Tax Partners, Heather Thompson and Donald Simpson, give advice to non domiciliaries. Watch Heather and Donald's video here on non domiciliary advice.

Heather: "Non-domiciled individuals who come to live in the UK as residents, but who remain non-domiciled, will find themselves within the scope for UK taxation so they'll have to think about UK Income Tax and UK Capital Gains Tax.

There is a special basis of taxation for these people called 'The Remittance Basis', which allows them to pay tax only on foreign income and gains they actually bring into the UK. So, provided they take advice in plenty of time and plan well ahead, they can arrange their affairs to keep their foreign income and gains out of UK taxation. Depending on the circumstances, they may have to pay a charge in order to do that and whether it's worth paying the charge depends on each individual case. So, there's a detailed exercise of looking at each individual person's situation and deciding what is the best planning for them."

Donald: "Special Inheritance Tax rules apply for people who are not domiciled in the UK or treated as being domiciled in the UK for Inheritance Tax purposes. So non-UK domiciliaries only have to pay UK Inheritance Tax on their UK-situated assets and not their foreign assets. Where they do have assets based in the UK, then the usual inheritance tax rate of 40% would apply with the nil-rate threshold remaining £325,000 of assets on which there would be no tax."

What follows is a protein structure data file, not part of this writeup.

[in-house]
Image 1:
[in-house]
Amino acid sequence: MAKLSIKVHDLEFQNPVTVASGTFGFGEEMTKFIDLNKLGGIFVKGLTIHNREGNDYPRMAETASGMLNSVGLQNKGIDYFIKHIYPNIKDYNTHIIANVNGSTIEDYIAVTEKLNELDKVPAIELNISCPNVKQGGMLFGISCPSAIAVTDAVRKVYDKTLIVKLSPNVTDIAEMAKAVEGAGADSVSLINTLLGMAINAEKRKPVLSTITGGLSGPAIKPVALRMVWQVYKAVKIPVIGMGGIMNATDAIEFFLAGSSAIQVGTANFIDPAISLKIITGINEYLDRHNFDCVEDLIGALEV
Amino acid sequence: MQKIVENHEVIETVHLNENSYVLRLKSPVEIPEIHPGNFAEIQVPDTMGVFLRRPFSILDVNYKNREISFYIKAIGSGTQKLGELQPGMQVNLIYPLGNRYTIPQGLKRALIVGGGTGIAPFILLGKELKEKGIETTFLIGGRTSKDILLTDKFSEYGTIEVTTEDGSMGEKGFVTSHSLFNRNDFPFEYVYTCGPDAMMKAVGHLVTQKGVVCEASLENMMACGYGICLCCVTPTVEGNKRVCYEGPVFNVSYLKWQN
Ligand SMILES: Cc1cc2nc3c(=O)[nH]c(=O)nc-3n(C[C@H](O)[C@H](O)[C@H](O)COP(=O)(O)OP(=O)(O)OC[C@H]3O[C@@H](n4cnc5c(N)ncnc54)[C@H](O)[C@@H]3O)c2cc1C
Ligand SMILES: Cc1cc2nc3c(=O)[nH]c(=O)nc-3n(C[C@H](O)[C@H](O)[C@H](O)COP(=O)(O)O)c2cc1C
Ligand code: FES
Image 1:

Heather: "Non-domiciled individuals coming to the UK can take advantage of tax rules, which allow them to hold assets through structures such as trusts and companies. Trusts can be a particularly effective way of holding their assets outside of the UK and protecting them from creditors' claims and so on, in a tax efficient way.

The UK tax rules are still fairly favourable for trusts set up by non-domiciliaries but, again, what is appropriate in any case depends on looking at that individual's situation, understanding the individual's personal circumstances and what their future plans are, and putting planning in place well before they come into the UK."